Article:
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Re-enactor discusses 'grave topic' at Washington County Museum After Dark

Halloween inspired show delves into history of embalming.

CHASE ALLGOOD - Oscar Hult, 55, holds a bottle of embalming flued to a crowd at the Washington County Museum on Thursday, Oct. 20. Hult has been lecturing for six years across the region about the fascinating history of embalming, which began during the Civil War.Standing over a casket, Oscar Hult is all smiles.

For him, it’s just another day at the office.

Hult, an amateur historian and Civil War re-enactor, was on stage at the Washington County Museum on Thursday, Oct. 20, giving a spooky lecture about a rather unappetizing subject, the history of American embalming.

Hult, 55, is an Albany haberdasher by day, who has spent years researching the American Civil War. He spoke to a crowded room at the Washington County Museum as part of the museum’s annual Halloween-themed “Museum After Dark” series, which delves more into history’s more macabre subjects.

Modern embalming practices began during the Civil War as a way to preserve fallen Union soldiers on their journeys home to be buried, Hult said. Before the Civil War, most people lived and died in their home towns, and there wasn’t need to preserve bodies for more than a few days.

But that changed with the invention of the railroad, Hult said. Now, people could travel great distances, traveling far from their homes for the first time in their lives.

Thomas Holmes, the father of modern embalming, taught morticians across the North how to preserve bodies. Prior to the Civil War, embalming was only done on anatomical cadavers at universities, and was often done using arsenic, mercury or other poisonous chemicals.After the death of Elmar Ellsword — credited as the first Union casualty of the Civil War and a personal friend of President Abraham Lincoln — Holmes perfected a formula that involved injecting chemicals into the arteries of the deceased, which could preserve bodies for years.

Holmes’ techniques went on to create the modern funeral industry as it exists today, Hult said.

Holmes died in 1900 in an insane asylum, likely driven mad by the harmful chemicals he used in his experiments, Hult said.

CHASE ALLGOOD - Oscar Hult has given his talk to dozens of groups across the region, and said while the subject matter is often taboo in polite society, it's a fascinating look at an important part of American history.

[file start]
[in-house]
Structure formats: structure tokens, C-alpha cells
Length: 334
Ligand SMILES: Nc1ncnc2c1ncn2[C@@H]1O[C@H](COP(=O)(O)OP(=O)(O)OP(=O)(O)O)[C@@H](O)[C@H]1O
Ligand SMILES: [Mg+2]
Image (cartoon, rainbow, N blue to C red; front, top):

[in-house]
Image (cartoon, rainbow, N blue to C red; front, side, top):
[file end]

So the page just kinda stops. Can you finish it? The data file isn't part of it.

It’s a fascinating piece of American history, Hult said, and not one that many people are familiar with.

“It’s this thing that we now regard as commonplace,” Hult said. “I thought it was a story that should be told.”

Talking about death is often seen as a taboo subject in American culture, Hult said, but it’s an important topic for people to understand.

“It’s important to be aware of where we come from,” Hult said. “It’s our history, and if we don’t think about where we’ve been, we won’t know where we’re going.”

Hult’s wife has worked off and on in an Albany area funeral home for years, Hult said, which gave him an insight into a world he had never thought much about before.

“It opens up the world and makes the period more real to people,” Hult said. “Hopefully, this sparks something in them to want to learn more about it, and about history.”

Hult said he tries to make his talks fun and interesting, but said he walks a tightrope with making sure that his lecture is respectful. The Civil War lasted only four years, but accounts for nearly half of all soldier deaths in U.S. history, according to the Civil War Trust.

“I try very hard to be respectful for the people who fought and died in that conflict on both sides,” Hult said. “Both sides were fighting for what they believed was right. It’s important that the subject be respectful but that doesn’t mean that you can’t have a little bit of fun.”

A historical re-enactor, Hult started by giving lectures about the early days of American journalism and war correspondence at events for the Northwest Civil War Council. Hult said he eventually grew bored with the subject after about two decades. He switched gears six years ago, talking about embalming’s early history.

Hult’s lectures have gotten a bit of a following. Because of its morbid nature, Hult said it’s not uncommon for people to attend his lectures dressed in gothic or steampunk style clothing. At Thursday's talk, a handful of women sat in the front row, dressed in black Victorian-era outfit, complete with black makeup.

“There are people from all walks of life out there,” Hult said, laughing.

Hult said he’s not surprised his talks have proven more popular than his previous lectures on 19th century journalism.

“It’s a topic that has universal appeal,” he said. “Everybody knows that this is where we’re all headed, eventually.”

By Geoff Pursinger
Associate Editor, Hillsboro Tribune
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